José Piteira TALHA
Prepare to taste a different type of wine.
The bottle you have in your hands came from a winemaking process the same as the one Romans used more than 2 000 years ago. You read that correctly, 2 000 years ago. This means that there’s no use of modern technology.
José Piteira likes to play around with this fact when he says that the only technology used for producing the wine is the light that illuminates the winery.
The authenticity of the processes and the fact such ancient traditions in wine production are followed means that José Piteira’s talha (clay amphora) wines would be looked at with suspicion and a certain amount of disdain. This would often happen when the producer took them to Lisbon to show them to someone.
However, the years passed, and everything changed.
Contrary to what the myths say – and they’re exactly that, myths – the producer guarantees that talha wines have an enormous ageing capacity.
Directly from the Guadiana River’s left margin to your table, this red will challenge your senses and even shake up a few convictions or pre-formed ideas you may have about talha wines.
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Oenologist: José Piteira
Manual destemming using the ripanço technique (wooden rack table over which grapes are pressed to and fro by hand). Fermentation in 2 000 L clay talha (amphora), with lees maintained until November.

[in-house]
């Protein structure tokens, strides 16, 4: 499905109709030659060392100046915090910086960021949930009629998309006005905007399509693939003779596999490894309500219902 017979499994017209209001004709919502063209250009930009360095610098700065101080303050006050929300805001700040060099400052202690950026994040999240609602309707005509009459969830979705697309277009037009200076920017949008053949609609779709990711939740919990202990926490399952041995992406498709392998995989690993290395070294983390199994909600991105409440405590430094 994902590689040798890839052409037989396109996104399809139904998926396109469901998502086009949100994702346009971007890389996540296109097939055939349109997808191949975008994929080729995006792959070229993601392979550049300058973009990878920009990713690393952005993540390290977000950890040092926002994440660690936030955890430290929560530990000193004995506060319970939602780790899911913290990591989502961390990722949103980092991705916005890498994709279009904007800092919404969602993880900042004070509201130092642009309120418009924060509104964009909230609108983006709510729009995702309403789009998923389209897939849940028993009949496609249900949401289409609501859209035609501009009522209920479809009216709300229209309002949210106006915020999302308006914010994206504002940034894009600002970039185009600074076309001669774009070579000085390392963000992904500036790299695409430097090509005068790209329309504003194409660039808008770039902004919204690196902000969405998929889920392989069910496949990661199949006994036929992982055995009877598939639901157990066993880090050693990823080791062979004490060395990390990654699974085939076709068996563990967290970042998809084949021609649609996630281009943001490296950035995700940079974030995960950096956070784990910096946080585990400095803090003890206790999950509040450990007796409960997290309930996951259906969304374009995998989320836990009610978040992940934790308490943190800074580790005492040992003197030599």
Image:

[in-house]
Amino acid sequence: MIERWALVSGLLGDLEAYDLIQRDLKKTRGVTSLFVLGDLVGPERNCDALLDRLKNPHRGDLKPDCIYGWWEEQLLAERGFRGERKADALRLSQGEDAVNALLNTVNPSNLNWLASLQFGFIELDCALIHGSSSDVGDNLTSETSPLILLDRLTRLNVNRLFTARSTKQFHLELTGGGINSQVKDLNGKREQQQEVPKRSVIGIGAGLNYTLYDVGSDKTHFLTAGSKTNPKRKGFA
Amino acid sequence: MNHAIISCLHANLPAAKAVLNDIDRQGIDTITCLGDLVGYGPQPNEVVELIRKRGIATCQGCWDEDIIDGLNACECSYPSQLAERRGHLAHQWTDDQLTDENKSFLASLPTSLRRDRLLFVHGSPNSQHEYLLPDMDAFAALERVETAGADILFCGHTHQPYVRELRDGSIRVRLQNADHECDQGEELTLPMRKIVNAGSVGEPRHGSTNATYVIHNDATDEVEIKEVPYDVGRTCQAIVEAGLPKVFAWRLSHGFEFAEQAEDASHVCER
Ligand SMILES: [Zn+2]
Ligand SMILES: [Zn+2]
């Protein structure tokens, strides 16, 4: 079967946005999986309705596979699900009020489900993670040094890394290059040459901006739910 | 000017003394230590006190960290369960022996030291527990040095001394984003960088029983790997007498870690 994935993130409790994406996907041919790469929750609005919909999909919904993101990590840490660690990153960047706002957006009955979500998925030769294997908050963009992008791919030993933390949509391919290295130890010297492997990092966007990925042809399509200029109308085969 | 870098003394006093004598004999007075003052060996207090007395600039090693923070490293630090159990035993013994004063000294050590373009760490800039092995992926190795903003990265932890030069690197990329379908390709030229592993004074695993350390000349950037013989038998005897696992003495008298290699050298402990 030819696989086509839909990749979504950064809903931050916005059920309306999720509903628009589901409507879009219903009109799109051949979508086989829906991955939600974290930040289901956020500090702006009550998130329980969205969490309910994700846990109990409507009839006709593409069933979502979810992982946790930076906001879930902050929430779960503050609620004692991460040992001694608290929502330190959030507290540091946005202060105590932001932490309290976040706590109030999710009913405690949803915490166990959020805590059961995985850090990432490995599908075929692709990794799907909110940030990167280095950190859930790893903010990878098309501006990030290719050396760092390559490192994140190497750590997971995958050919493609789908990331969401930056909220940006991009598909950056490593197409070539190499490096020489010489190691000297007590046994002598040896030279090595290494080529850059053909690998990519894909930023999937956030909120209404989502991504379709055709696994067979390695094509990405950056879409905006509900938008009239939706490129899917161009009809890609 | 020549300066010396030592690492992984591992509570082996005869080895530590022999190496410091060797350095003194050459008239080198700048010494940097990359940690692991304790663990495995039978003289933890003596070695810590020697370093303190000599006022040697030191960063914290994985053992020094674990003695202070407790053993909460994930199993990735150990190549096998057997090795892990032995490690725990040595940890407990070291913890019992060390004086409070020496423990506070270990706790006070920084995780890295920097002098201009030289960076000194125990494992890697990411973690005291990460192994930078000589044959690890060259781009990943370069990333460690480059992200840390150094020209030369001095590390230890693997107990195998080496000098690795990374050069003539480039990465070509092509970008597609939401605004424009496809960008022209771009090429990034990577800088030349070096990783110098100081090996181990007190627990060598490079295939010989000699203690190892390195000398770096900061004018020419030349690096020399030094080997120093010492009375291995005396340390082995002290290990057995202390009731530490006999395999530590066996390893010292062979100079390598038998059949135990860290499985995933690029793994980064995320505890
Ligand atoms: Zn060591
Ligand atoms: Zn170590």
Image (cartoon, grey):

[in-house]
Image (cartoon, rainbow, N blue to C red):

Colour: Dark ruby
Aroma: Red fruits, cacao, coffee and black fruit compote
Mouth: Good acidity and prominent tannins
Total Acidity: 3.5 g/L
pH: 3.4 – 3.8
Total Sugars: 3.0 g/L
Leg of Goat with Gorse Rice
2 goat legs (preferably from a younger animal)
500 gr pork belly
6 cloves of garlic
1 dl olive oil
1 dl water
500 ml beer
1 small bunch of parsley
1 small bunch of thyme
1 small bunch of rosemary
1 tablespoon paprika
Salt and pepper
400 gr Carolino rice (Native short-grain Portuguese variety which allows for creamy, saucy rice dishes)
2 cloves of garlic
1 bay leaf
2 teacups of gorse flower
With a knife, make two cuts in each goat leg and place two cloves of garlic in each together with a bit of thyme and rosemary.
In a bowl, add the finely chopped pork belly, the onion and remaining chopped garlic cloves, the parsley, remaining thyme and rosemary, paprika, black pepper and, finally, the olive oil and water.
Mix well and pour over the goat legs. Marinate for 12 hours.
Preheat the oven to 210°C.
Place the marinated goat legs in a deep oven tray with the marinade and cover with aluminium foil. Roast in the oven for 1 hr 10 mins.
Take the tray out of the oven, add the beer and place back in the oven uncovered for 25 minutes. Take out, cover and let rest for 15 minutes.
For the rice, infuse the gorse flowers into 1 litre of water. Let boil and then rest for 3 hours.
In a pot, drizzle some olive oil and sauté the chopped onion and garlic with the bay leaf. Add half a litre of the roasting broth and let boil. Add half a litre of the gorse infusion and 3 tablespoons of gorse flowers and let boil. Add the rice and cook, stirring every once in a while.